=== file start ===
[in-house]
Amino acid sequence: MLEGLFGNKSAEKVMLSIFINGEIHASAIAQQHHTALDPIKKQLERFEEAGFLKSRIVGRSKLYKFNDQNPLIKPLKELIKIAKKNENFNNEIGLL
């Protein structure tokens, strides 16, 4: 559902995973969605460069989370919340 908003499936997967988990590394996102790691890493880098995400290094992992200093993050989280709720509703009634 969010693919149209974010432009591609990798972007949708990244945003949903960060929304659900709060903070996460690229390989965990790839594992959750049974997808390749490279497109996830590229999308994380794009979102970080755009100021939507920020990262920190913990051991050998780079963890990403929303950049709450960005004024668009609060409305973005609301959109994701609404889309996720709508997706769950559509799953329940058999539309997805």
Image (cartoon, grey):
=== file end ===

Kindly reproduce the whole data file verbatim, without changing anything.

[in-house]
Amino acid sequence: MLEGLFGNKSAEKVMLSIFINGEIHASAIAQQHHTALDPIKKQLERFEEAGFLKSRIVGRSKLYKFNDQNPLIKPLKELIKIAKKNENFNNEIGLL
């Protein structure tokens, strides 16, 4: 559902995973969605460069989370919340 908003499936997967988990590394996102790691890493880098995400290094992992200093993050989280709720509703009634 969010693919149209974010432009591609990798972007949708990244945003949903960060929304659900709060903070996460690229390989965990790839594992959750049974997808390749490279497109996830590229999308994380794009979102970080755009100021939507920020990262920190913990051991050998780079963890990403929303950049709450960005004024668009609060409305973005609301959109994701609404889309996720709508997706769950559509799953329940058999539309997805």
Image (cartoon, grey):